Stop me if you’ve heard this one: An airline, a ticket platform and a ride-share company walk into a bar.
Earlier this week, Delta teamed up with Ticketmaster, Lyft and Airbnb to offer Delta flyers some additional ways to earn those precious miles during the dog days of summer, when we’re more likely to go to a concert or go on vacation.
SkyMiles members can now earn three miles for every dollar spent on an event—concerts, ball games, family shows, that sorta thing—between Jun. 3 and Aug. 31 in the U.S. and Canada by going to this website and entering your SkyMiles before every Ticketmaster purchase.
Lyft riders can earn a mile for every buck in the U.S. and two miles for every dollar on trips to/from airports; Airbnb-goers earn a mile for every dollar spent to live in someone else’s house.
For Delta, these types of partnerships are pretty simple: offer more ways for members to earn miles. Delta executives weren’t available for an interview, but according to a Delta spokeswoman, these partnerships often stem from hearing from what customers want. And what do they want? To earn miles on things they buy every day. Sounds like a nifty slogan, doesn’t it?
And for the summertime, that means road trips, vacations and concerts.
“Our mission is to make it easy to go to live events no matter where they are, and no matter what platforms people use to discover them,” said Dan Armstrong, svp and gm of distributed commerce at Ticketmaster. “We like being involved with best-in-class platforms and brands. Travel is a natural extension of that, an area we have not had tremendous focus on. … Millions of people are flying on their favorite airline and have the opportunity to connect with our brand, [and] it’s a natural connection to go to more events and earn more miles at the same time. We view it as a win-win for fans.”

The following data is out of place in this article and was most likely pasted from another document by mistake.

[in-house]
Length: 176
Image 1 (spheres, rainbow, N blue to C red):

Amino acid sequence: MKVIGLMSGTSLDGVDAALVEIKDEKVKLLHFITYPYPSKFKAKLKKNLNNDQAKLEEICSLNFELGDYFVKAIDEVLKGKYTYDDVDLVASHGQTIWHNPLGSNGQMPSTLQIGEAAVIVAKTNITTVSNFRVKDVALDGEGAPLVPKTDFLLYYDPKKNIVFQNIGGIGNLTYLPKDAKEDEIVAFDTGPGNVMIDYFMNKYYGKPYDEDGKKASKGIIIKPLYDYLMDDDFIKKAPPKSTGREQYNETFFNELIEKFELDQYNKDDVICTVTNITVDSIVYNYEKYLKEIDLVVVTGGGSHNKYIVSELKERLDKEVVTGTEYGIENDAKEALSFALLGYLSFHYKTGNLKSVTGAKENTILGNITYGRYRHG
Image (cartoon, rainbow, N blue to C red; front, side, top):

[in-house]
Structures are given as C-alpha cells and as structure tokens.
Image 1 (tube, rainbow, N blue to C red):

Brand partnerships can be tricky, as companies need to balance each own’s customer’s affinities. In the digital age, policies can get even murkier, especially when looking at data exchanges. In this partnership, Armstrong said, it’s actually pretty straightforward.
Delta manages the landing page, where users put in their SkyMiles; the company then validates who you say you are. After you pass through that gate, Ticketmaster records the purchases back to that SkyMiles number. It seems so easy, right?
“It looks easy on the outside,” Armstrong said. “We do a number of types of integrations. Some, on the surface, like Delta, it’s a simple link and that’s the end of the visible integration. Other times we go deeper from a commerce perspective, where an API sells a ticket in a user experience.”
Think of purchasing tickets via Facebook or Amazon Alexa. In this Ticketmaster/Delta partnership, Armstrong said that the data is handled just like any other Ticketmaster purchase.
“Security is our top priority,” he said, “and not an angle of the partnership.”